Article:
The success he found in Montreal didn’t parallel to Philadelphia, where Weise has struggled. He played on the first line at some point last year with the Canadiens, could you believe that? He has no goals and just one assists in seven games this season so far, and his days with the Flyers might be numbered unless he improves his game, because right now he’s definitely the worst forward on the team.
Pittsburgh Penguins – Carl Hagelin
Carl Hagelin may be the worst forward on the Pittsburgh Penguins, but they really have a lot of good forwards to go around, so when I say that Hagelin is the worst forward on the Penguins, maybe take that with a grain of salt. Hagelin was originally drafted by the New York Rangers in 2007 and has also played in Anaheim before being traded to the Penguins during the 2015-16 season. It’s a good thing he joined the Penguins when he did, because they would go on to winning the Stanley Cup, Hagelin’s first, just a few months after he joined. He was particularly effective with the Pens, getting 27 points in 37 games, helping them make the playoffs.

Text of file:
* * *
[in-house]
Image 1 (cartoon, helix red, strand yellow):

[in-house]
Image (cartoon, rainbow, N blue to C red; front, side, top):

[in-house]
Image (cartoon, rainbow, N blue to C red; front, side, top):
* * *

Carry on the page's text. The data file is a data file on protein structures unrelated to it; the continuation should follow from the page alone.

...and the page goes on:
I don’t think Hagelin will be even a quarter as effective this year, and expect him to finish on the bottom of the goal scoring charts at the end of the season. The 28-year-old only has one goal so far. Hagelin’s production with the Penguins last year was unprecedented and the best stretch of his career, which is the main reason I don’t think he’ll maintain the same pace this year.
San Jose Sharks – Chris Tierney